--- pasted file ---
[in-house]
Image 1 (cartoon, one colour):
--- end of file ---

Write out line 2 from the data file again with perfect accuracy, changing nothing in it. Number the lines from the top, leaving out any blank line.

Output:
Image 1 (cartoon, one colour):